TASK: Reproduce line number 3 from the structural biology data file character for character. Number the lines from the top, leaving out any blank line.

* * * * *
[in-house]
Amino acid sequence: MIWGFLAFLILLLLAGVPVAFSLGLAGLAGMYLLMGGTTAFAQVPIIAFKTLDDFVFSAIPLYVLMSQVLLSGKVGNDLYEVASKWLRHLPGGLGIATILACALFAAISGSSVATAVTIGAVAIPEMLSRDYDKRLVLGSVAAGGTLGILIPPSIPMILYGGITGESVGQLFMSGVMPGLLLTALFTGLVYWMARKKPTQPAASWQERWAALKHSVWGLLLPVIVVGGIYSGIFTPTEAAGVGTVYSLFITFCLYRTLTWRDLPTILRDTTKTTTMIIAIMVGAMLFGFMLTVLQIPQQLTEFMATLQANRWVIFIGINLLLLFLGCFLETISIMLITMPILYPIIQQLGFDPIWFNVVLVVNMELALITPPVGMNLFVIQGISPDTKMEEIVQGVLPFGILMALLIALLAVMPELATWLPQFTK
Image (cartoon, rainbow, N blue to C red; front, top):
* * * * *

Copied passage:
Image (cartoon, rainbow, N blue to C red; front, top):